The RBU 12 can support 128 simultaneous 34 Kbps channels using the 2.72 MHz bandwidth giving it a spectral efficiency of 1.6 bits/Hz. Of this total capacity, 8 channels are used by the FWS 10 and an additional 2 Kbps per channel is system overhead. Thus the effective traffic carrying capacity is 120 channels at 32 Kbps.
The spectral efficiency of the FWS 10 is three to five times that of conventional CDMA systems primarily because the FWS 10 employs bi-directional Synchronous CDMA. Competing systems, including those based on IS-95, are asynchronous or synchronous only in one direction. The bi-directional synchronicity permits the FWS 10 to use near orthogonal spreading codes and gain maximum possible data carrying capacity.
Radio emissions lose energy as they travel in air over long distances. In order to ensure that the received signal energy from a distant subscriber is not completely overwhelmed by that of a near subscriber, the RBU 12 controls the power level of the SUs 14. In the preferred embodiment only the reverse channel power (from SU 14 to the RBU 12) is controlled by the RBU 12. The power control is primarily established at SU 14 initialization.
Subsequent power adjustments are infrequent and are made in response to transient environmental conditions. The closed loop power control is implemented by comparing against a desired power level and making incremental adjustments until the desired level is achieved.
The forward channel power control is not needed since each SU 14 receives its entire signal at only one level. The RBU 12 merely needs to ensure that the received signal strength by the farthest SU 14 is sufficient for its application.
It is not always desirable to have an extended range. In a dense urban or even a suburban setting, one needs to deploy the system in a cellular architecture as depicted below. To reduce interference between sectors and between cells in such a deployment, the range of the RBU is limited overall as well as selectively in specific directions. Such range control may be accomplished using a directional master antenna 12b at the RBU 12, as well by controlling overall RBU power.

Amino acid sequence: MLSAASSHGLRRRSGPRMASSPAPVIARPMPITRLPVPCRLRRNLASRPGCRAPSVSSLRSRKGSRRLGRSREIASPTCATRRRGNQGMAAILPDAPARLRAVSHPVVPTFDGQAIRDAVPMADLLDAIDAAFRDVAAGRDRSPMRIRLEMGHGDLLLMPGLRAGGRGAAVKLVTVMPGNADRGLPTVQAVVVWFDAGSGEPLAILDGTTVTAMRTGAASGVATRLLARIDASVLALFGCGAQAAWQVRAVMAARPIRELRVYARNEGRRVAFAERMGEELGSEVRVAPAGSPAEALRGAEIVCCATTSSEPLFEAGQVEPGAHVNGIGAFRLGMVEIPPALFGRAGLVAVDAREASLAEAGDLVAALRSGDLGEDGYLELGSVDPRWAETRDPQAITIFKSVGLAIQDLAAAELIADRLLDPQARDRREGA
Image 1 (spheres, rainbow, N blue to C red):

When one of the SUs 14 detects an off-hook (the user has picked up the phone), it transmits an outgoing call request on one of six reverse synchronous side channels in a Slotted ALOHA fashion. The side channel is chosen at random. The RBU 12 processes the request and, providing an active channel is available, sends an outgoing call reply to the SU 14 which contains the active channel codes (both forward and reverse). In the meantime, the RBU 12 begins to transmit forward side channel data on the newly activated channel and at a given time, begin to transmit the active call data. The SU 14, which is listening to the forward side channel, receives the active channel assignment and switches at a superframe boundary to the active codes. The SU 14 then begins to receive the side channel data and then the active call data.
When an incoming call is received by the NIU 13 for one of the SUs 14 in the local loop, the RBU 14 is notified over the E1 link. The RBU 12 first checks to determine if the intended SU 14 is busy. If not, the RBU 14 sends a message to the SU 14 on the forward side channel, the message containing the active channel codes. The call processing then continues in the same manner as the outgoing call processing discussed above.
If all channels are busy and the NIU 13 receives an incoming call for a non-busy SU 14, it provides a subscriber busy tone to the caller unless the called SU has priority inbound access (such as a hospital, fire station, or police), in which case the NIU 13 instructs the RBU 12 to drop the least priority call to free up a channel for the called SU 14. Similarly, if an SU 14 initiates a request for service and no traffic channels are open, then the RBU 12 provides the dial tone on a temporary traffic channel and receives the dialed number. If the dialed number is an emergency number the RBU 12 drops a least priority call to free up a traffic channel and connects the free channel to the SU 14. If the called number is not an emergency number then the SU 14 is provided a special busy tone indicating a "wait for service" condition.
Having described the overall architecture and capabilities of the FWS 10, a detailed description of this invention will now be presented.